When I was in elementary school, I was a daydreamer. As a writer, I don’t find this necessarily odd, but considering what I’ve learned since then it’s not much of a surprise. In high school, I found myself to be a bit more erratic. I still did well in school and made excellent grades, but I was definitely the ‘weird’ friend who always made people laugh. I found that I was prone to involuntarily interrupting conversations to add my own contributions before I forgot whatever it was I thought was so important to mention.
My major symptoms didn’t present themselves until I was at university. I experienced my first bouts of depression and attributed them to a new environment and serious issues with my roommate. Anxiety was also a tremendous enemy – I simply couldn’t shut my mind off. I also struggled with schoolwork for the first time in my life, which was disheartening to say the least. After depression and anxiety diagnoses and multiple medication trial and errors, I realised that something else had to be wrong, something that I hadn’t yet considered. I texted my mum in frustration after forgetting to take an important online exam and insisted that I must have ADHD because my spacey, ever buzzing brain was ruining my life. A little dramatic? Probably, but if you suffer from this quirky condition as well, you probably understand.
I decided to mention my theory to my doctor, who advised that I bring it to the attention of my on-campus counsellor. After an assessment during my next session, my suspicions were confirmed and the results were sent to my doctor so that I could finally be treated for this dysfunction that had been hanging over my head for years. But why did it take so long to get to this point?
In boys, ADHD symptoms are typically quite apparent and diagnoses are usually made in early childhood. ADHD can be classified by three types: hyperactive, inattentive, or a combination of both. Research shows that women are far more likely to suffer from the inattentive type, which is difficult to differentiate from basic symptoms of anxiety and depression. Adolescent girls in particular are prone to experiencing self-doubt as a result of being hyper aware of their insecurities. Also, it is estimated that boys are 2–3 times more likely to suffer from hyperactive ADHD than girls.
Another roadblock for women is that their symptoms actually tend to appear later in life as opposed to most boys, who display warning signs as early as elementary school. Like I mentioned above, I never fathomed that my issues could possibly be attributed to ADHD until I was about 22, when I finally decided to seek help. Studies have demonstrated that it can difficult for girls to be diagnosed unless they behave like hyperactive boys. As a result, this can lead to scepticism in doctors, family members and friends, especially when the individual has always displayed intelligence and success in school. The lack of a diagnosis and proper follow up treatment can leave women feeling inadequate due to constant forgetfulness, misplacement of crucial items, and the soul-crushing, looming anxiety that accompanies the idea of completing a simple errand such as picking up a prescription or dragging herself to an appointment.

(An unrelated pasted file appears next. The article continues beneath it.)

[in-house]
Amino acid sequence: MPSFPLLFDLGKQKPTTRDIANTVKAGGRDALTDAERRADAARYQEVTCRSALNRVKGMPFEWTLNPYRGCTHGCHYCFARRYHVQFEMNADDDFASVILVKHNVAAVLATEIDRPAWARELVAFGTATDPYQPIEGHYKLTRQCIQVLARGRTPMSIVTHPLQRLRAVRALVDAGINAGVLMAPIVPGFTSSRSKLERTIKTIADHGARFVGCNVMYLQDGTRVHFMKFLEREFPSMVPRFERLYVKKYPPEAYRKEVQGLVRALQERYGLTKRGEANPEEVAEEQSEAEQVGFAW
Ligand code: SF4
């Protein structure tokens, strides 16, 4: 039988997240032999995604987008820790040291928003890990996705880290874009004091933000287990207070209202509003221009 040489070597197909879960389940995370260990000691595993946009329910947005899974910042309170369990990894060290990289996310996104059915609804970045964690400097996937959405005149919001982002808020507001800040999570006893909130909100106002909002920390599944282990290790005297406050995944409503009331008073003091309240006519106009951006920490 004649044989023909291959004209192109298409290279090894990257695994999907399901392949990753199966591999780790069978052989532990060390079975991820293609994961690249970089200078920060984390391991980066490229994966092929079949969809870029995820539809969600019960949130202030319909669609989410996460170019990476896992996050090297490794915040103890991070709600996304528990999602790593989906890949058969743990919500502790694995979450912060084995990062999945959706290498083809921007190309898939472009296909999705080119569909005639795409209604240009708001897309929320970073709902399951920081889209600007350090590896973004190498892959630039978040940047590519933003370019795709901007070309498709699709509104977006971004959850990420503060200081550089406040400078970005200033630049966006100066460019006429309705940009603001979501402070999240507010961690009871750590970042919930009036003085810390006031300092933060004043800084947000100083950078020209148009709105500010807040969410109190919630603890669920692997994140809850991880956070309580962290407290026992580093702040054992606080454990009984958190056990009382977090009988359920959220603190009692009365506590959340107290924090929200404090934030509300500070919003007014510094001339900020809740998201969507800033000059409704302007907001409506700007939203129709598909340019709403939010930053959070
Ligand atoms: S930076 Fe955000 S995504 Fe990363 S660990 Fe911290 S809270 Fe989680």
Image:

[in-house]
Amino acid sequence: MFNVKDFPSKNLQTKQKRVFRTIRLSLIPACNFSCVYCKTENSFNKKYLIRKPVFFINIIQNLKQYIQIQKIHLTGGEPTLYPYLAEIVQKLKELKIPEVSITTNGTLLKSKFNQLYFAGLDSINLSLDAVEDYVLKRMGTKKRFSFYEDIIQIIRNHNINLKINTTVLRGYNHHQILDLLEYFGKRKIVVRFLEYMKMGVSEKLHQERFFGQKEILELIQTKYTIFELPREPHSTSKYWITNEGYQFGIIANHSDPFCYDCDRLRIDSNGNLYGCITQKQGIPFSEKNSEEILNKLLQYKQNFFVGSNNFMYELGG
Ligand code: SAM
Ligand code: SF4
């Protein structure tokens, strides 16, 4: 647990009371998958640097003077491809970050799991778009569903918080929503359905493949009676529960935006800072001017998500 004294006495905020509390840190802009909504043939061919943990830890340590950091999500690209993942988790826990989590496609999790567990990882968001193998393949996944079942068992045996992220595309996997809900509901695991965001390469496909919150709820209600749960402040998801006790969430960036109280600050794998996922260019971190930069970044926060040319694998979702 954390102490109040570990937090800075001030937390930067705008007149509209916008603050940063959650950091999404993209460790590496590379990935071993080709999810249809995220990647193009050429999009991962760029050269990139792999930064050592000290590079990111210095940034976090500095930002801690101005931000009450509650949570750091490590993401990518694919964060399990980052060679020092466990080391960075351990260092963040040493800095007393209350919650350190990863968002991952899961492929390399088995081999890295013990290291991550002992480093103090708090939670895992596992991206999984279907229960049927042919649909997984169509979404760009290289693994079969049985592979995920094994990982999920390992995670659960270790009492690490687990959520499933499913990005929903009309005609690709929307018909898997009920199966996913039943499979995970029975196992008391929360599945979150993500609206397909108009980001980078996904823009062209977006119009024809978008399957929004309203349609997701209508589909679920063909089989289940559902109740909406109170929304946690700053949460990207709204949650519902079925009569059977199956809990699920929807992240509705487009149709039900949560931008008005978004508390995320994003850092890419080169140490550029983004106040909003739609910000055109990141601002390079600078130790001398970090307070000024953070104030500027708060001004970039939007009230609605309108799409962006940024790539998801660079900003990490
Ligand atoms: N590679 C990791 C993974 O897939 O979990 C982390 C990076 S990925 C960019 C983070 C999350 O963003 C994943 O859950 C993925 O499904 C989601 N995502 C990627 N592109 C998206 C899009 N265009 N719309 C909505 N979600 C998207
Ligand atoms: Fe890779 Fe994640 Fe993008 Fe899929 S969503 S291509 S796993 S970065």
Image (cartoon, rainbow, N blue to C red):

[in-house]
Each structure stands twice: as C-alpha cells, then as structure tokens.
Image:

Because most women who have ADHD do not exhibit obvious symptoms until later in life, it can be demoralising to realise that all of a sudden, it is seemingly impossible to keep the house perfectly tidy. Navigating higher level education coursework can seem like an impossible feat. Completing ordinary life tasks can become so overwhelming that it sometimes is stressful enough to bring her to tears. Of course, this leads to that all too familiar feeling of inadequacy from teenage years (‘Why is it so impossible to drag myself to the pharmacy? Why am I such a failure?’). Sounds familiar? Unfortunately, hundreds of women, myself included, suffer from these crippling but untrue assumptions. It’s no surprise that ADHD symptoms are so easily dismissed as depression/anxiety disorders, which results in misdiagnoses and by default, ineffective treatment. Of course, ADHD is usually comorbid with these disorders anyway- tons of fun, I know.
I never considered that my low self-esteem or forgetfulness could be the result of anything besides depression and anxiety. Honestly, I assumed that this is just who I am. Before counselling, I had no idea that ADHD was so versatile or that it was even a possibility for me, since I wasn’t the stereotypical hyperactive type. It’s interesting to consider how many women continue to go undiagnosed simply because they can’t pinpoint exactly what may be wrong with them, which is just one of the many reasons why therapy is so vital. If you are struggling, don’t ignore your symptoms any more; do your research, go to therapy, commit to taking care of you. You just might change your life.
Lauren Cummings is a freelance writer who is passionate about true crime, mental health, and plenty of other topics.
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